This article previously indicated that Michael Rectenwald, an adjunct professor in the Liberal Studies program at NYU who came to prominence with his Deplorable NYU Prof Twitter account, would be placed on the LS tenure track. This was erroneously reported. There are no tenured positions for faculty in the Liberal Studies program; Rectenwald was simply receiving a promotion to full-time professorship. We regret the error. —Alex Bazeley, Editor-in-Chief
Michael Rectenwald, also known as @antipcnyuprof, received full-time professorship after previously telling WSN that he feared the paid leave would affect his promotion. He formerly called himself “Deplorable NYU Prof” on Twitter, but he recently changed it to “Contemptible Prof.”
Deputy Director for Media Relations James Devitt said that this process has been underway for some months, and he was one of 18 professors who also received a promotion.
“He received an expected promotion to the rank of clinical professor in accordance with our regular procedures,” Devitt said. “It is customary for such promotions to go forward even when a faculty member requests and chooses to take leave, as is the case here.”
He also said that now nearly 20 faculty in the Liberal Studies department — including Rectenwald — hold this position.
WSN reached out to all the clinical and assistant clinical professors in the department, and many of them declined to comment or did not respond — stating they did not have tenure and therefore did not have the job security to do so. Others opted to only comment on academic freedom and its relationship with freedom of speech.
“I simply fail to see how maintaining safe spaces and offering trigger warnings compromises academic freedom,” one LS professor said in an email, who spoke on condition of anonymity. “If there is a threat to academic freedom, it’s the [presidential] administration we just elected and the views it has already expressed about higher education and the free press.”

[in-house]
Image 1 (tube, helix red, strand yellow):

Only LS clinical professor Patricio Navia responded on the record, and Navia said that he and Rectenwald have been colleagues for many years but are not close friends due to their different research interests and subsequent limited contact. However, he said he believes that people have the right to express their views.
“Freedom of expression is important and must be protected,” Navia said. “In fact, freedom of expression protection only matters when people have controversial things to say. Nobody would invoke freedom of expression protection when they only say nice things about everyone. Freedom of expression matters when others might feel offended by what you have to say.”
Navia said that in conversation, people can make an effort to word things nicely; however he said that with Twitter’s emphasis on brevity, that sometimes is not possible.
“In 140 characters, the need to be brief often leads to writing things in a way that others feel offended,” Navia said. “Our Twitter feed is not a part of our academic record yet. I am glad NYU does not take our political views into account when deciding on promotion.”
Navia expressed similar viewpoints to Rectenwald’s regarding safe spaces and trigger warnings — Navia said that speaking about safe spaces is not safe for him.
“For people who want safe spaces, Twitter is not the best fit, just as a steakhouse is not the best fit for vegans,” Navia said. “So, if you want safe spaces, just block people on Twitter. But if you learn how to use Twitter, you might even end up running for president.”
He thinks that if universities are designed to prepare people for the real world, safe spaces cannot be guaranteed to students in all circumstances, especially on platforms not controlled by NYU.
Email Diamond Naga Siu at [email protected]